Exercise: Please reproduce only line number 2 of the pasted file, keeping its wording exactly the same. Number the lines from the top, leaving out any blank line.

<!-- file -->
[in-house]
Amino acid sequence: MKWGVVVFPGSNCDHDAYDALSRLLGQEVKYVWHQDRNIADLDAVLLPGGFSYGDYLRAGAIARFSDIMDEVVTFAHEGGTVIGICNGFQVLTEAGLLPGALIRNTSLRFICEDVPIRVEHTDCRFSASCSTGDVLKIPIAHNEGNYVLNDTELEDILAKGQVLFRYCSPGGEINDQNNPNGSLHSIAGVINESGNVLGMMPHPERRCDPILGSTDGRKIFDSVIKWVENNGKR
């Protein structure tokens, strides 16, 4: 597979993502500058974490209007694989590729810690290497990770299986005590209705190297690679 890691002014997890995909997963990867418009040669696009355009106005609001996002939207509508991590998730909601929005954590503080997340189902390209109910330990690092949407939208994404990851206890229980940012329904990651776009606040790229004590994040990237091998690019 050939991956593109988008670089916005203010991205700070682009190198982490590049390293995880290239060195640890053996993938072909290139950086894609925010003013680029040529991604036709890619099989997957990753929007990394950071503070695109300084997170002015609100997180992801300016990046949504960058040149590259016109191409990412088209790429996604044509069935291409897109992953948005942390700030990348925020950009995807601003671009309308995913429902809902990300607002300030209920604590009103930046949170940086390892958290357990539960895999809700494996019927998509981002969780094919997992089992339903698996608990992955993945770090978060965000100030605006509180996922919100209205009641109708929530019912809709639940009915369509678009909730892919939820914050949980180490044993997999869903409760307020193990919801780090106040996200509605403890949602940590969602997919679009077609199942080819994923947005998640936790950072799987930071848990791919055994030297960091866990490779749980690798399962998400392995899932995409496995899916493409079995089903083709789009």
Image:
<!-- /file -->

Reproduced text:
Amino acid sequence: MKWGVVVFPGSNCDHDAYDALSRLLGQEVKYVWHQDRNIADLDAVLLPGGFSYGDYLRAGAIARFSDIMDEVVTFAHEGGTVIGICNGFQVLTEAGLLPGALIRNTSLRFICEDVPIRVEHTDCRFSASCSTGDVLKIPIAHNEGNYVLNDTELEDILAKGQVLFRYCSPGGEINDQNNPNGSLHSIAGVINESGNVLGMMPHPERRCDPILGSTDGRKIFDSVIKWVENNGKR